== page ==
Part of chiasmus’s rhetorical power is its sense of play—both in the sense that chiasmus is playful, entertaining, an invitation to a kind of linguistic game, perhaps even a form intellectual trickery; but also play in the sense of “the space in or through which a thing can or does move,” like the slack in a fishing line that has hooked something in motion, the “opportunity, or room for action” (OED) that a chiastic phrase leaves open. That is, chiasmus invokes rhetorical possibility within constraints.
Like most games, chiasmus is at its core collaborative—it takes more than one person to play. There is a pleasure in “solving” the puzzle of a chiasmus, and this pleasure incentivizes cooperation, which is what makes chiasmus such a persuasive pattern. According to Lissner (2007):
Regardless of what a chiasmus’s intended “direction” is, audiences find it difficult to avoid “buying into” the process of the chiasmus, if not the conclusion. An argument must be entertained simply to enjoy the game of chiastic rhetoric, and the explicit suggestion that audiences have agency in the game, even if they do not create the rules, makes the form all the more seductive.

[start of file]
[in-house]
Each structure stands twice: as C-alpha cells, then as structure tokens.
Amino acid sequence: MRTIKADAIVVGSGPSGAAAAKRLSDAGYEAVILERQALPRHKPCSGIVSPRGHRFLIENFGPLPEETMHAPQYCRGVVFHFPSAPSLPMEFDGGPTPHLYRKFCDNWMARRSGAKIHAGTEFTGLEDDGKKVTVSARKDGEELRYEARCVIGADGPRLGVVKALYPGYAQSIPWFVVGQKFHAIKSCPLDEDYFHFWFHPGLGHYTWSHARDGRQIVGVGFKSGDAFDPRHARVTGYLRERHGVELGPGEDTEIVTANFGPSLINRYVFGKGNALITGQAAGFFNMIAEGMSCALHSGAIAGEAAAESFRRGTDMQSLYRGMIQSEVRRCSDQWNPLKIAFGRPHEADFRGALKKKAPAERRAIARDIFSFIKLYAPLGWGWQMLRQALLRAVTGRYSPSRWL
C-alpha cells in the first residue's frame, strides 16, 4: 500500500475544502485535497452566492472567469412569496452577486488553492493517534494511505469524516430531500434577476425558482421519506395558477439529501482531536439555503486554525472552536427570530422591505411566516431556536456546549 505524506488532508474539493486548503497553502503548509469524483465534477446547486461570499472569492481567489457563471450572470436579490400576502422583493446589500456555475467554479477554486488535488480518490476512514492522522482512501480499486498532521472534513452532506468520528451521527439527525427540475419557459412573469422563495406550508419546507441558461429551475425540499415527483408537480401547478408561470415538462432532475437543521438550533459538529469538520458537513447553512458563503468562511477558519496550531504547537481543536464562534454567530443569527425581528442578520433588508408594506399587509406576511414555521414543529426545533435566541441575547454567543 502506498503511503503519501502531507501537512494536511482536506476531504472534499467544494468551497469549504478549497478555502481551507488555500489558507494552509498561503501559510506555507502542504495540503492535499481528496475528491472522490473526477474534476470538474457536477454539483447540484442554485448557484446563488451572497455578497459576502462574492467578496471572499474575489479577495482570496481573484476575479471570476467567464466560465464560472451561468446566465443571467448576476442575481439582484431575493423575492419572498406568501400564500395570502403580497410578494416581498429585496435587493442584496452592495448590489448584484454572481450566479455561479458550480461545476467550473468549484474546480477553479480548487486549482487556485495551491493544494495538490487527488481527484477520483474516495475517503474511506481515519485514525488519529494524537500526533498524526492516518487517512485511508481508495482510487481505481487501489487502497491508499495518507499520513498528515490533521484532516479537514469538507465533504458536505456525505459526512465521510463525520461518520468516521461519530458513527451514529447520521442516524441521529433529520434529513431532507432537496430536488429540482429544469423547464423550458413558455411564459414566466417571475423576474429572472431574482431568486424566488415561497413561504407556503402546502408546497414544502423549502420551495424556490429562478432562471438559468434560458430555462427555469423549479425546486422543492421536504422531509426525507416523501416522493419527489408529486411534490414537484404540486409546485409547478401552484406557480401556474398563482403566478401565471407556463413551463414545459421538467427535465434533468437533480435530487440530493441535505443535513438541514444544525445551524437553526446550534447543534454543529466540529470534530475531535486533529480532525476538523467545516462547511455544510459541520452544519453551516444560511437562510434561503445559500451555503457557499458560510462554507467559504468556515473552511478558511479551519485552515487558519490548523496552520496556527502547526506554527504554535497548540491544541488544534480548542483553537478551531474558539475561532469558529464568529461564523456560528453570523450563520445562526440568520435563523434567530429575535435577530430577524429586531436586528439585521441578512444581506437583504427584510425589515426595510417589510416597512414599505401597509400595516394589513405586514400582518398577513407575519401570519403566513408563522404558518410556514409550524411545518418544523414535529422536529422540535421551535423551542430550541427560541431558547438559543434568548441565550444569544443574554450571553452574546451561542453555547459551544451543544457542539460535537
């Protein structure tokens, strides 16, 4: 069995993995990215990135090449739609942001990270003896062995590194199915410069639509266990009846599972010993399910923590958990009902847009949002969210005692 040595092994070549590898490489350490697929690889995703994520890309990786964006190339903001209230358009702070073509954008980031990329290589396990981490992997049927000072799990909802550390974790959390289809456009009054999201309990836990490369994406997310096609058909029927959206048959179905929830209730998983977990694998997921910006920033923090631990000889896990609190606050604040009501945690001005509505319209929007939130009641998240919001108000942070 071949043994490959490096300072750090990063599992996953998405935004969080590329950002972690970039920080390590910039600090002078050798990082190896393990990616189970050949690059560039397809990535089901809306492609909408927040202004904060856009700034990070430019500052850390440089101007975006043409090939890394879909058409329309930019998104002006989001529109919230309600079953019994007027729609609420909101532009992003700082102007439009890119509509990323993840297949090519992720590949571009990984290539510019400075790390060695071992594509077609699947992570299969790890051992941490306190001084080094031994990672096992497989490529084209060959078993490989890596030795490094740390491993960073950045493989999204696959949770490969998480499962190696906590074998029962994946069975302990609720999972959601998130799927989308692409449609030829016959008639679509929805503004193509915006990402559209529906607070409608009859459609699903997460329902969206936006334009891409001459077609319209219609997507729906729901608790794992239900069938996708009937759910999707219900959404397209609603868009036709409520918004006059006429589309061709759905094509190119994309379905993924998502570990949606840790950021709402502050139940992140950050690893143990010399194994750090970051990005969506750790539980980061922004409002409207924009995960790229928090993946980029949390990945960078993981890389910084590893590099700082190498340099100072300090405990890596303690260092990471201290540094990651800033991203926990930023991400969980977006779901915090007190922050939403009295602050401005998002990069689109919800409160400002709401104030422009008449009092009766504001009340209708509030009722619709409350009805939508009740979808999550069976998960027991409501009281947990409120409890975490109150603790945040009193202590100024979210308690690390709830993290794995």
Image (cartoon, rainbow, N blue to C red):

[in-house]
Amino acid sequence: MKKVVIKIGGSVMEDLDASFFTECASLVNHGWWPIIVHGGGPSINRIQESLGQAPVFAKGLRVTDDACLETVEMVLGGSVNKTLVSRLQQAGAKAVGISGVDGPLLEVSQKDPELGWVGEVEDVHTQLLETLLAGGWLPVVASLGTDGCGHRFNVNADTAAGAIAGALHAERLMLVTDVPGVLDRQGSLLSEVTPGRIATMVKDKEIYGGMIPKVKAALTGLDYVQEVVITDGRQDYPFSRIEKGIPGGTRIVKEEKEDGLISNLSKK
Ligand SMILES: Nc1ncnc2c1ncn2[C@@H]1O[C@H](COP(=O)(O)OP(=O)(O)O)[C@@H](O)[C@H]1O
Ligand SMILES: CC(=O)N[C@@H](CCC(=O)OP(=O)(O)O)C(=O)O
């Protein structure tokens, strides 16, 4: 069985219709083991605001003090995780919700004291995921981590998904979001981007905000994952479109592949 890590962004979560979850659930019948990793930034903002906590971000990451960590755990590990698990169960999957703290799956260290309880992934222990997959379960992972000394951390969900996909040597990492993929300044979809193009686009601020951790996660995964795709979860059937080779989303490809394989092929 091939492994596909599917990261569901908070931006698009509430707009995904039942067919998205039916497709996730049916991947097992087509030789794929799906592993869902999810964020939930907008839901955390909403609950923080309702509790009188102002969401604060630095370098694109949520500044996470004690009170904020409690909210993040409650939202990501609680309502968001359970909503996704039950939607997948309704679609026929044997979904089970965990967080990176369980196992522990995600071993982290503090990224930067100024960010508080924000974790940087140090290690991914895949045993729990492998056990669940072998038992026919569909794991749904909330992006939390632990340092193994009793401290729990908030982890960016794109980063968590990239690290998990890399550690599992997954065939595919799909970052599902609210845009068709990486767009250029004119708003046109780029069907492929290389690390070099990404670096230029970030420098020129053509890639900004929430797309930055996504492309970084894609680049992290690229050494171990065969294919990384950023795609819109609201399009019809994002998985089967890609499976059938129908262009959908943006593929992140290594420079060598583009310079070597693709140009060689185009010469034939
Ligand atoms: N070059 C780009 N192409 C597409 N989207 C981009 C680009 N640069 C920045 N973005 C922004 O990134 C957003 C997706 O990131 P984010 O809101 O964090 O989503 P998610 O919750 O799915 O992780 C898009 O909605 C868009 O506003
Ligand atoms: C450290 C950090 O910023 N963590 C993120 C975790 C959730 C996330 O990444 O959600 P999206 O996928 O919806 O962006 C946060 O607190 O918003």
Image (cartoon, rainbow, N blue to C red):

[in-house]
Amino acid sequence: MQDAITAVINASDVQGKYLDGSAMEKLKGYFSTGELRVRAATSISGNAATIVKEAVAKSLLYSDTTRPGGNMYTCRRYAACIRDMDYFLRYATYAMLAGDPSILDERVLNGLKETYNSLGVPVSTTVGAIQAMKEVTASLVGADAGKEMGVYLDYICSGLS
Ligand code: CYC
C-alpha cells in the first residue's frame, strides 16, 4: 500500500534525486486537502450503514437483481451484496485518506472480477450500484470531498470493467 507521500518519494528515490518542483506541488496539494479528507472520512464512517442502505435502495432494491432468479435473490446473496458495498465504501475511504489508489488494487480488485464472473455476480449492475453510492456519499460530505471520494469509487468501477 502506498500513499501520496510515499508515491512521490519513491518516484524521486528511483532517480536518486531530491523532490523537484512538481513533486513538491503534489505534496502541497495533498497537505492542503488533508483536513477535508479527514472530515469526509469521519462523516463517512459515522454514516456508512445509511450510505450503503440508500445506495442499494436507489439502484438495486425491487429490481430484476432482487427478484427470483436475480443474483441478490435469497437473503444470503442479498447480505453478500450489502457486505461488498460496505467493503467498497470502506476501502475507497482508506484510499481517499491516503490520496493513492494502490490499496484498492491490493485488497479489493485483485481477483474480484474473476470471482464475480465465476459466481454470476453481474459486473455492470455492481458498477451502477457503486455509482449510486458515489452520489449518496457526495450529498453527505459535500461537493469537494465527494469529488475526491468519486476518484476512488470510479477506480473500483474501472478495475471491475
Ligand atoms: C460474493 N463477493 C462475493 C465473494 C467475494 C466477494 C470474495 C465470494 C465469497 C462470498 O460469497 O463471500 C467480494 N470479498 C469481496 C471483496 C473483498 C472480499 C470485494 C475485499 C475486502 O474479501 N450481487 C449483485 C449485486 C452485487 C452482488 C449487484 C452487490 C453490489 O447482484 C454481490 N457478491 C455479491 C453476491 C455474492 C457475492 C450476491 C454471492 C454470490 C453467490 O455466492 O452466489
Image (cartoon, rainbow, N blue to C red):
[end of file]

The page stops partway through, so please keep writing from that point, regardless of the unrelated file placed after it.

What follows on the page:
Crossing rhetoric is interactive, democratic in the sense that everyone gets a chance to “play.” It persuades through what Bogost (2007) calls procedural rhetoric, similarly to what games do, by “authoring arguments through processes” and through the “construction of dynamic models” (Bogost, 2007, p. 29). It is chiasmus’s dynamism that attracts us, and the limiting but not deterministic set of rules that prompt audiences to do chiasmus and not simply read chiasmus.
© Gabriel Morrison, 2021